The first-ever formal bilateral meetings between French and PNG heads of state took place on Friday in Paris.
"The distance between two countries is increasingly irrelevant in the world of modern communications and transportation, and we are seeing our relationship with France go from strength to strength," the Prime Minister said after the meeting.
"While we have enjoyed 40 years of diplomatic relations it is only now that trade and cultural relations are increasing, and they are increasing rapidly with more French nationals moving to Papua New Guinea to live and work.
"President Hollande expressed his satisfaction with the increasing strength of our relationship that we both agree will only improve as our work together evolves.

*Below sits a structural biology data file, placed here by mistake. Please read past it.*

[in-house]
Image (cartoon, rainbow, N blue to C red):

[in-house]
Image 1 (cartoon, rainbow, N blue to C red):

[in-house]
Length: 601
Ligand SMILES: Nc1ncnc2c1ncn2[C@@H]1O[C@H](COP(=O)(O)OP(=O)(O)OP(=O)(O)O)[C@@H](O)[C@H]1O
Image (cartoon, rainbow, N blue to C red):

"France has always had an affinity for the Pacific and through French Polynesia and New Caledonia that relationship has been continued."
O'Neill said that in the light of the strengthening relationship, he hoped this would advance business and tourism opportunities.
"France is increasingly our trade gateway to Europe and we would like to see Papua New Guinea become a significant hub for France in the Pacific.
"Our agricultural produce and fisheries have a ready market in France.
"We continue to implement measures as part of our Economic Partnership Agreement. Already we export canned tuna duty free to France, and we are seeking to expand to other areas including agriculture, forestry, and minerals.
"At the same time French equipment is in increasing demand in the Pacific such as ATR aircraft, vehicles, and also mining and industrial equipment," O'Neill said.
He said PNG had made an undertaking to welcome French professionals involved in the Papua LNG project and instructors with open arms. The project was expected to generate 10,000 jobs in Port Moresby and 3000 new jobs in Gulf Province.
"Hundreds of French workers will come and live with us," O'Neill said.